In the second book of the Eyrbyggia Saga, a curious tale of a vampire is recorded. The story also appears in the books of Saxo Grammaticus, Det Kongelige Bibliotek, and was also translated by Sir Walter Scott.
Long ago, Prince Asmund of Iceland lost his way in a storm while hunting. He would have died, were it not for the kind intervention of Prince Aswid, who took him back to the hall of King Bjorn. To show his gratitude, they became blood brothers and quested to destroy all of those who worked evil.
One of them suggested, as they grew older, that they should make a death pact-- that when one of them died, the other would go to the grave with his friend. They both agreed to this and swore on their blood.
It came to pass that Aswid grew ill and died. All of the people mourned, and there was many days of funeral rites and feasting, to commemerate the fallen hero. True to his oath, Asmund followed his friend to the grave, despite the protests of other close friends and advisors. Asmund was sealed alive in the tomb with the body of his friend and many other tributes to entertain the dead in the afterlife, such as food, horses, Aswid's favorite dog and weapons.
Before Asmund had decided how best to kill himself, Aswid awoke from his death sleep. Rising as a vampire, he first consumed the body of his dog, then of the horses. He then turned his attention on his friend, and attacked him with a demonic fury. Taking up a sword, Aswid fought off his former friend.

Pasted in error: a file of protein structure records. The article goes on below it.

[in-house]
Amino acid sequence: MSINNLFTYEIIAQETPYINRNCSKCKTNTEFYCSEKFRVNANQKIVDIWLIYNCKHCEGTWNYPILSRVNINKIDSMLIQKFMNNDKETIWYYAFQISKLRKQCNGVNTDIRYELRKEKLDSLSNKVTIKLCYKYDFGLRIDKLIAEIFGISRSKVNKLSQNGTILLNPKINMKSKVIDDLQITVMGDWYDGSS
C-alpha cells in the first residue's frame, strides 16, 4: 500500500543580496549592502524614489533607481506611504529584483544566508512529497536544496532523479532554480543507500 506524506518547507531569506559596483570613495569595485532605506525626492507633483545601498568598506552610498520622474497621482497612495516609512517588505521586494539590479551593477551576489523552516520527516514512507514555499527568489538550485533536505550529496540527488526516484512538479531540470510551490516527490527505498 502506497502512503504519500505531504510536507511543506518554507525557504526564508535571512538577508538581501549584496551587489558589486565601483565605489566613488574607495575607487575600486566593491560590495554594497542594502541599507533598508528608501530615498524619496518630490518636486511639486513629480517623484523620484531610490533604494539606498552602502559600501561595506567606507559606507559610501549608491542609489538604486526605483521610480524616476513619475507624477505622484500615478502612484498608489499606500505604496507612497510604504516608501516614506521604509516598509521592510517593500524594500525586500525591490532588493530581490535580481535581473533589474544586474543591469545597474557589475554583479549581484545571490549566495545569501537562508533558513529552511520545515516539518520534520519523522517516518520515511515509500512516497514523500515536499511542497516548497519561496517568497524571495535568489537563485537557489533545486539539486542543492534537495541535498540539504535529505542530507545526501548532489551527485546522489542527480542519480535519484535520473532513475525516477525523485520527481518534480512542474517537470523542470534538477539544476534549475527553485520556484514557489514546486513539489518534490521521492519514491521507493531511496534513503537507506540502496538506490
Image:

Some three hundred years later, several daring young men set off to the tomb of the famous warriors. Despite warnings of the tomb being haunted, and of the religious implications of disturbing the dead, the brave young men went to the grave and opened it. Hearing sounds of struggle, one man volunteered to go down into the tomb. Lowering him on a rope, he went down to investigate. The friends called to him after several minutes, then were met by a great tug on the rope. They pulled the rope up, only to find an old-fashioned armored warrior at the end of it.
Trying to catch his breath, Asmund told them of the story of Aswid rising as a vampire and trying to kill him. He had been fighting for his life for three hundred years, and had succeded only when the young man had appeared, offering a distraction. With that, he fell over dead. The young men, realizing the bravery of the warrior Asmund, buried him in the tomb with full honor, their companion beside him. They took the decapitated body of Aswid out and burned it, scattering his ashes to the wind.